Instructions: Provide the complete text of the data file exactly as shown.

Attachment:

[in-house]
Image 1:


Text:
[in-house]
Image 1: